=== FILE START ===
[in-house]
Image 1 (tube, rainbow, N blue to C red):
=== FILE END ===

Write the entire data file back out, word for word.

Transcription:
[in-house]
Image 1 (tube, rainbow, N blue to C red):